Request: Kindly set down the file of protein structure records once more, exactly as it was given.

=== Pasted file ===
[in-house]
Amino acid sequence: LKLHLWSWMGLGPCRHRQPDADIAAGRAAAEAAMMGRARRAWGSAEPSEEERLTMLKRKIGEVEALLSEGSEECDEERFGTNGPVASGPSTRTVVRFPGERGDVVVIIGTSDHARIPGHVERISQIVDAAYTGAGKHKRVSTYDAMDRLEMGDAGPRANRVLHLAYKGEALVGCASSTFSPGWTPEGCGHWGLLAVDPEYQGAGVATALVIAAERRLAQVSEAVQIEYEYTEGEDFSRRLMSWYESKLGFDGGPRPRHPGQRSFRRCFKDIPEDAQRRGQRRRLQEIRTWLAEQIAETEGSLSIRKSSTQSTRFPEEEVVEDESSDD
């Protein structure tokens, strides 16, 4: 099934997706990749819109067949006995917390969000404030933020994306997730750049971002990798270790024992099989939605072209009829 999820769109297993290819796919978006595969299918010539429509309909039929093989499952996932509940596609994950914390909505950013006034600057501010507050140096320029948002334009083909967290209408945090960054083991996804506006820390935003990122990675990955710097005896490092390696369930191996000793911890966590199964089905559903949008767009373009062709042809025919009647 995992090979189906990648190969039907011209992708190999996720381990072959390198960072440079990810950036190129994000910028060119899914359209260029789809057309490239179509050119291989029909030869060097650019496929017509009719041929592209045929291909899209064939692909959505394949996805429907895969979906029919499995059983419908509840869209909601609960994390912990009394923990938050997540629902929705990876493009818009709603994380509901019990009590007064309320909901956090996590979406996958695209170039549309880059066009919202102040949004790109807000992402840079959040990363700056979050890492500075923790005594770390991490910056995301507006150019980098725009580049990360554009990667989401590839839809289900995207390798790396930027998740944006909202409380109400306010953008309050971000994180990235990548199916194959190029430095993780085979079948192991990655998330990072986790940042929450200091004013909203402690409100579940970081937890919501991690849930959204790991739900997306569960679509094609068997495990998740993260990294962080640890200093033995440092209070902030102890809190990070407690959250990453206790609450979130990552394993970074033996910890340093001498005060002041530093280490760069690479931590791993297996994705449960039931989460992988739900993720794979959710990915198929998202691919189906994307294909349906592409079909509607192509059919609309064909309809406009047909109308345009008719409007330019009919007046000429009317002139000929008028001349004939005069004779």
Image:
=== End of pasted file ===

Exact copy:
[in-house]
Amino acid sequence: LKLHLWSWMGLGPCRHRQPDADIAAGRAAAEAAMMGRARRAWGSAEPSEEERLTMLKRKIGEVEALLSEGSEECDEERFGTNGPVASGPSTRTVVRFPGERGDVVVIIGTSDHARIPGHVERISQIVDAAYTGAGKHKRVSTYDAMDRLEMGDAGPRANRVLHLAYKGEALVGCASSTFSPGWTPEGCGHWGLLAVDPEYQGAGVATALVIAAERRLAQVSEAVQIEYEYTEGEDFSRRLMSWYESKLGFDGGPRPRHPGQRSFRRCFKDIPEDAQRRGQRRRLQEIRTWLAEQIAETEGSLSIRKSSTQSTRFPEEEVVEDESSDD
């Protein structure tokens, strides 16, 4: 099934997706990749819109067949006995917390969000404030933020994306997730750049971002990798270790024992099989939605072209009829 999820769109297993290819796919978006595969299918010539429509309909039929093989499952996932509940596609994950914390909505950013006034600057501010507050140096320029948002334009083909967290209408945090960054083991996804506006820390935003990122990675990955710097005896490092390696369930191996000793911890966590199964089905559903949008767009373009062709042809025919009647 995992090979189906990648190969039907011209992708190999996720381990072959390198960072440079990810950036190129994000910028060119899914359209260029789809057309490239179509050119291989029909030869060097650019496929017509009719041929592209045929291909899209064939692909959505394949996805429907895969979906029919499995059983419908509840869209909601609960994390912990009394923990938050997540629902929705990876493009818009709603994380509901019990009590007064309320909901956090996590979406996958695209170039549309880059066009919202102040949004790109807000992402840079959040990363700056979050890492500075923790005594770390991490910056995301507006150019980098725009580049990360554009990667989401590839839809289900995207390798790396930027998740944006909202409380109400306010953008309050971000994180990235990548199916194959190029430095993780085979079948192991990655998330990072986790940042929450200091004013909203402690409100579940970081937890919501991690849930959204790991739900997306569960679509094609068997495990998740993260990294962080640890200093033995440092209070902030102890809190990070407690959250990453206790609450979130990552394993970074033996910890340093001498005060002041530093280490760069690479931590791993297996994705449960039931989460992988739900993720794979959710990915198929998202691919189906994307294909349906592409079909509607192509059919609309064909309809406009047909109308345009008719409007330019009919007046000429009317002139000929008028001349004939005069004779």
Image: